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Is there any paper that looks at the distribution of wages? I'd like to see how many workers are in each percentile of labor income. I know that you could compute it using CPS or US tax data, but I suppose somebody must have done that before..

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1% of workers are in each percentile kinda by definition, no? :) –  Jason Nichols Dec 4 at 19:37
Well, I stated it completely (but consistently) the wrong way. I phrased the percentiles as labor income :/ –  FooBar Dec 4 at 19:43
Do you want to know total income earned (yearly) or do you want to know the distribution of earning power (like, distribution of hourly wages---or hours worked in combination with income)? Could you clarify? –  jmbejara Dec 4 at 19:45
The former is sufficient. However, I guess the latter is more informative, so more information always beats less information (also for future visitors of this question). –  FooBar Dec 4 at 19:58

1 Answer 1

up vote 2 down vote accepted

Based on the 2010 US Census, Wikipedia has pretty much exactly what you seem to be looking for.

A sample graph:

enter image description here

though they of course also have tables and links to more data.

Or if you prefer raw data, the IRS SOI is available for 1996-2012.

And of course there's Piketty and Saez seminal paper on the subject (See Table 5 for their data analogous to the included Wikipedia picture)

And of course there's the BLS which publishes these things regularly by demographic, hourly only, or occupation/industry.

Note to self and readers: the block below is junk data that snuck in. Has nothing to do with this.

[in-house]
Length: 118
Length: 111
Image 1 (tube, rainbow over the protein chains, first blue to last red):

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It could be that the OP is looking for wages rather than income (like, hourly wages versus total yearly income earned). –  jmbejara Dec 4 at 19:40
could be, though would one not normally just divide by 2000 for US data? –  Jason Nichols Dec 4 at 19:41
No, because you don't know how many hours each individual worked (not average hours worked, I mean how many hours each individual worked). The question is important if you want to know something akin to the distribution of skill---or at least earning power---in the population. –  jmbejara Dec 4 at 19:43
that's problematic because high skill workers in the US are almost often (if not predominantly) salaried. Though you might be able to use the BLS data I just added for some of that. –  Jason Nichols Dec 4 at 19:45
Cool. Thanks. Yeah, problematic to find/estimate the figures, but still important to know. (I'm thinking about Mirrlees optimal taxation again.) –  jmbejara Dec 4 at 19:47

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